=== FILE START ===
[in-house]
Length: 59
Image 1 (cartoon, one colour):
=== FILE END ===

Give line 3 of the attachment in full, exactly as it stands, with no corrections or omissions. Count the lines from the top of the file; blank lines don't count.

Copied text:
Image 1 (cartoon, one colour):